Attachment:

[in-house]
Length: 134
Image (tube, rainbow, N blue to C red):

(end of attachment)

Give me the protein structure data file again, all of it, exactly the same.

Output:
[in-house]
Length: 134
Image (tube, rainbow, N blue to C red):